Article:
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Harmonic Rooms

Harmonic Rooms is a series of online documentaries about musicians of interest, coolly interweaving interviews, live concerts and the odd performance in front of a stunning natural backdrop. Here, for example, is Josephine Foster, singing on a flower-strewn Spanish hill as a great big sun sets behind her. It’s all the work of Bradford based Harry Wheeler, and his mission statement runs thus: “Inspired by the musicians’ ability to transfix spectators and transform a room for a limited but unique period of time. In love with the history of traditional drinking houses of the UK, the old smoke stained wallpapers, the way the light plays with the carved glass mirrors.”
Freeform percussion whiz Chris Corsano cheerfully and articulately discusses his duo with Vibracathedral Orchestra’s Mick Flower, intercut with concert extracts. Radical lutenist Jozef Van Wissem talks about taking the lute out of the museum and onto the streets, and how his pal Jim Jarmusch makes films with the sensibility of a musician. Then we see Van Wissem playing in a New York club with Jarmusch on guitar.
These are such relaxed films, skillfully edited so your patience is not taxed, but presenting unpressured, open ended conversations.
The live footage is from small venues and chimes well with the experience of being present at this kind of event. In an era of time-poor internet surfing and quick on the draw music journalism, these interviews have the space to stretch out.
Some films are oddly humorous: Mendrugo shows Victor Herrero’s group in an absurdly picturesque Spanish village, paying a surprise visit on a Japanese clarinetist called Taku. They play in Taku’s house and in the village square, a roaming troupe of bohemians. Up north in Hull Boathouse (home of the late Paul Burwell) Mama Baer and Kommissar Hjuler engage in a screamfest with Blue Yodal and Harappian Night Recordings. Like a younger Werner Herzog, Hjuler has a calm and sensible German accented explanation for his very bizarre behavior.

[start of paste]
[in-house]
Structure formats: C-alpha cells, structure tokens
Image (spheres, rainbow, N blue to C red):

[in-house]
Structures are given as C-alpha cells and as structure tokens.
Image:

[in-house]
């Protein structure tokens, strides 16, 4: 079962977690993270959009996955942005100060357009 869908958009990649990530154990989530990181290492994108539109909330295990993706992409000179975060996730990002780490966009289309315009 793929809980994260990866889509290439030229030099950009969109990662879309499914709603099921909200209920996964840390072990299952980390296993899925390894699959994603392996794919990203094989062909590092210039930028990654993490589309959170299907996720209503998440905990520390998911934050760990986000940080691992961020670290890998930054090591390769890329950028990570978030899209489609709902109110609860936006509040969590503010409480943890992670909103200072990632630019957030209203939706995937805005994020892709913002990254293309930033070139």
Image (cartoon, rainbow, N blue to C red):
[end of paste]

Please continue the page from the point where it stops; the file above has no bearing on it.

Film maker Wheeler himself plays bass in The Family Elan, led by bouzouki player (and ex-Nalle member) Chris Hladowski, and there’s a short film of their European tour, with audiences dancing to their Bollywood medley. But one of Harmonic Rooms’ finest moments is a film about the mystical minimalist, painter and 12-string guitarist Steffen Basho-Junghans. Music is being played in a daisy field that looks like fairyland but is actually in Thuringia, Germany. Wheeler’s latest project is to put Basho-Junghans in a studio together with young UK guitarist Cam Deas, and document their collaboration. I’ll certainly be watching.
Clive Bell (The Wire)


© Architects of Harmonic Rooms 2005 - 2014